Monday, December 17, 2012

The old razzle-dazzle

My table Saturday night at South Point had at least three players who were smart, experienced, and paying attention. When I have that kind of situation, one of my most reliable strategies is play completely straightforwardly for long enough that the attentive players think they have me pegged, then surprise them.

In particular, whether an opponent puts in a continuation bet after making a pre-flop raise is one of the most recognizable characteristics that attentive players will notice. I think the three most common patterns seen among $1-2 NLHE players are: (1) c-betting every time or nearly so; (2) c-betting every time one's hand is helped by the flop plus all the times that the flop looks like it should have helped a typical pre-flop raising range; and (3) c-betting when the flop is favorable to one's hand, checking when it is not.

I love to be facing opponents in category (3), because they are nearly playing with their cards face up. Reading them is easy. So when I want to lull opponents into thinking that they know where I am in a hand, I first set them up by actually playing style (3). How long I keep it up depends on how the cards fall. It needs to be long enough for my opponents have seen me raise, then either c-bet or not, with predictable results. That can take more or less time, depending on how many raising hands I get dealt early in the session. But I suppose that on average an hour or so is enough to establish me in their eyes as an easy read.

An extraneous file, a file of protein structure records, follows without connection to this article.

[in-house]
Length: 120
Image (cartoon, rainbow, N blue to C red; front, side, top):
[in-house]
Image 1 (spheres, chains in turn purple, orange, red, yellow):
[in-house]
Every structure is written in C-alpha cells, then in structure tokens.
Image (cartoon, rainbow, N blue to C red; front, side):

Then it's time to give 'em the razzle-dazzle--slow-play big hands to induce complacency and even larceny, win pots by betting aggressively even when I have whiffed the board.

That's what I did Saturday night. I played completely transparent, ABC poker for the first hour or so. My thinking opponents had plenty of opportunity to learn that if I checked the flop, I was basically giving up on the hand, and if I bet it, I had it. The stage was set.

The trickiest, most dangerous player at the table was, fortunately, on my immediate right. He also had a big stack of over $500. In the hand in question, he limped, then called the raise I put in with J-J. The flop was A-J-x. He checked. I checked behind, knowing that this would convince him that I did not have an ace and did not like seeing the ace on the flop. If he had an ace-rag kind of hand or a medium pair, he would be given reason to think he was probably ahead, and if he had missed completely, he would be emboldened to try to steal.

Sure enough, when some unhelpful rag fell on the turn, he bet $25. I called. He should now put me on either a jack with a good kicker (K or Q) or an unimproved pocket pair below aces. He would know by now that I did not put much money into pots with one-pair hands, especially when not top pair, giving him license to steal. One of his prime characteristics as a player was making serious stabs at pots to which opponents appeared less than fully committed. That is usually an admirable and winning strategy, but it can also be turned against you.